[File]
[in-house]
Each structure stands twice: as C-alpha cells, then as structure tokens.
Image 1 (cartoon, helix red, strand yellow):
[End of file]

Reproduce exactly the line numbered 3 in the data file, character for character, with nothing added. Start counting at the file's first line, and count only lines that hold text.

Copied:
Image 1 (cartoon, helix red, strand yellow):